Coke Manual page




This manual page describes how to use the on-line Coke machine at the University of Wisconsin - Madison. Operation is through a simple menu-driven interface that nonetheless allows sophisticated features to be implemented. The following sections start with the basics of getting an account and then move on to the more snazzy features on the machine. Most of this stuff can be quickly understood without the use of this page, but it seems useful to have it all written down somewhere.


To get an account you need to talk to one of the people whose names are given on the Coke machine itself. You need to tell them the login you wish to use on the coke machine, your electronic mail address for automated coke mailings, and the amount of money you want placed in your account. You will also have to give a password, similar to the ones used to log in and out of a UNIX machine. When your account is installed you will recieve electronic mail.

To use the account you go to the machine, and at the Coke Id: prompt, you enter the login you gave the administrator when you got the account and hit return. It's usually the same as your account login. Then you will be asked for a password in a blanked out area. Type it and hit return. Now you will be presented with a menu.


To buy a drink you choose menu choice 1 by typing the numeral 1 after the Enter Option: prompt and hit return. Now you press the flavor you want on the Coke machine, just as if you've put money in a standard Coke machine, and get your drink. Notice that choice 1 is Buy a beverage and exit , so it logs you out as well. If you want to buy one and stay logged on, choose 2, labelled Buy a beverage and stay logged on. If you do this be sure to logout when you're done by using choice 8, Exit.


To change your password, choose option 5, Change password. You'll be prompted for a password in a blanked out area. You'll enter the password twice, and if they are the same, the change will be recorded. If you forget your password, contact one of the people authorized to give out accounts, and they will change it to something known.

Just like your real accounts, you should change your password frequently and pick good ones. If you don't know what a good one is, you can ask one of the Coke account people, or read UNIX Operating System Security," by F.T. Gramp and R. H. Morris in AT&T Bell Labratories Technical Journal 63(8) pp 1649-1672 (October 1984), which has a good section on it.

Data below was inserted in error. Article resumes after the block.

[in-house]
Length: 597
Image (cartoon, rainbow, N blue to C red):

This is a feature new to the current version of the software. What it allows you to do is to give some of your Coke account money to another user. This is handy if you want to loan a friend some of your balance, or pay someone back for buying you a beverage. To do it, just choose number 3, Transfer funds to another user and enter the user's coke login and the amount to give when you're prompted for it. No you can't give someone more money than you have. Nice try though.


Yet another new feature in the coke software is the ability of the machine to let you know when your balance goes below a given figure. To use this feature choose 6, Change mailing information and be sure that the address is your Email address. Then decide what you think a low balance is, and set the low water mark to that number. Now whenever your balance goes from being above that amount to being below it you will receive a brief mail message telling you that. By default everyone's low water mark is zero, so if you don't touch it, you'll never be bothered with the mail. Another way to eliminate automatic mailings is to change your mailing address to "none".


We've done our best to make the system secure and easy to use. If you find that there is a problem with the system that makes it either easy to break or hard to use please let Ted Faber know as soon as possible.

Try to exercise good sense with your Coke account. Don't give your password out unnessecarily, and change it often. Pay attention to your balance, and if you see something strange, let the Coke people know. We have been going for some time with this arrangement without any major hassles, and we hope it will continue.

And, as always, we thank you for your support.


Ted Faber wrote the software

Jeff Hollingsworth designed and built the hardware